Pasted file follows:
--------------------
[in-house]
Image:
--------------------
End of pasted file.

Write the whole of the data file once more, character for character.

[in-house]
Image: